Someone may learn very well some matters without having any knowledge about what means to learn them.
If there are known the procedures of knowledge or simply the ‘how’ of learning, it does not mean that the meaning of learning certain matters is also known. Because the meaning of learning should lay somewhere outside of the learning process itself.
The matters of learning, the teacher, and the disciple occupy that outer dimension of learning. They occupy it disorderly or at least without the clear order of the learning process.
Therefore, for finding the meaning of learning some particular matters, we cannot display a unitary explanation by pointing out the value of learning for disciple’s development, for teacher’s social role, or emphasizing the value of those matters for human development.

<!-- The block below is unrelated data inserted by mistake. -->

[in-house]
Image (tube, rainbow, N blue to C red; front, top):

We rather come to know that learning some things has ever an obscure meaning accordingly to its specific disorder. The obscurity is the result of the ongoing occurrence of unlearnt matters during life. They impose themselves to any element of the process of learning with a force that is able to destabilize the firm confidence in learning. And they show what is the meaning of learning some matters by contesting it.
For instance, we know better the value of learning scientific matters, if we take into account the stages of life when we confront some unlearnt shortcomings as illness or death. The disciple and the teacher of those matters are commonly disturbed by such failures of life, so that we must question how they succeed in confronting illness and death by their assumed statuses.